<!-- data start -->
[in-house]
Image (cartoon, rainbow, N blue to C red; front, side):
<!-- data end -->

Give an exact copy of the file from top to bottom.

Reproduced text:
[in-house]
Image (cartoon, rainbow, N blue to C red; front, side):